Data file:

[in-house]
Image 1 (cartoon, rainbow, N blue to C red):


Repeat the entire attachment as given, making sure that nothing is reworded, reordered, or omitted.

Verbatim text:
[in-house]
Image 1 (cartoon, rainbow, N blue to C red):